Gregor’s Bed

The Fruitful Marriage of American Jazz and the Avante Garde, Part I

“Late one evening, outside the Open Door in Greenwich Village, [Charlie] Parker, shuffling along in a pair of old carpet slippers, bumped into Jackie McLean. . . ?I want you to kick me in the ass, Jackie McLean, for letting me get myself in this position,? Bird commanded, bending over … A few days later Parker borrowed McLean’s sax to make an out-of-town gig, a sax McLean had himself borrowed from a friend; Parker pawned it.”

– from Birth of the Cool: Beat, Bebop, and the American Avant Garde, by Lewis MacAdams

The above is one of the sadder moments from the decadent stage of one of the most important periods in American cultural history, an era whose phenomenal gifts could never have been handed out to the world were it not for certain peculiarities of the African-American saga and the intertwining of these peculiarities with the development of European avant garde art .

But first, let’s define our terms.

What’s “Cool” and What’s Not?
Here of course we’re not talking about “cool” as the now rarely-heard adjective for all things good, happy, amazing, or fun. Serious American jazz artists invented the original “cool” as a way of being, a state characterized by a kind of social abdication; a disengagement from, and perhaps even a defiance toward, American conventions, racism, the cold war, atom bomb hysteria, a constrictive art world, and a narrow, commercial entertainment industry.

The original cool didn’t make a distinction between high and low art?all things were one in cool. Cool embraced a sense of freedom, newness, openness, and a special membership within a highly desirable elite. Cool emerged from the American jazz culture that sprouted up during and after World War II and was quickly embraced the world over?along with the jazz that spawned and carried it?by youth who saw cool as the way they were and ought to be.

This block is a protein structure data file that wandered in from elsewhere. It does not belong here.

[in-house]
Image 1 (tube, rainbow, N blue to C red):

Cool was an inconspicuously rebellious stance that, on the surface, looked like an unflappable calm, such as you might see in Humphrey Bogart in his early films, a demeanor that steadfastly refused to be humiliated, embarrassed, flustered, demeaned, controlled, or fooled. It was an impossible ideal, within the reach mostly of a race that had suffered so much that almost nothing could hurt or scare it anymore, but when the youth in the rest of the world saw it they knew that was what they wanted to be.

Off the bat, bebop jazz and the free jazz it lead to were cool; classical, folk, and pop music were not. Being a musician was cool, selling out was not (Cab Calloway, though marketed as an early mascot of cool, wasn’t truly cool because he stood in the way of musical innovation; Dizzy Gillespie and Charlie Parker were the cool ones). Communism was not cool, but talking about it while wearing a black turtleneck and smoking in a cafĂ© certainly was. Realist art was cool if it was unsentimental and carried a dissident message. Avant garde art was cool almost by definition.

What is the “Avant Garde,” Really?
Avant garde art, whose most common manifestations in America emerged in the form of Dadaism, Abstract Expressionism, Minimalism, and Pop Art, broke boundaries in terms of tools, methods, rules, expressed beliefs and values, methods of distribution, and products. It also blurred the distinction between high and low culture, allowing “lower” art forms to rise and fulfill their potential within the echelons of high art.

(For a more in-depth explanation of the avant garde, see this Voice Magazine article from 2011.)

(To be continued.)

MacAdams, Lewis. (2001) Birth of the Cool: Beat, Bebop, and the American Avant Garde., New York: The Free Press
Garlitz, Dustin. (2004, October) Outstanding Avant-Garde Tenor Saxophonists